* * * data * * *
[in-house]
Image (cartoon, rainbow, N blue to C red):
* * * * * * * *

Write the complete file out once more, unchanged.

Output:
[in-house]
Image (cartoon, rainbow, N blue to C red):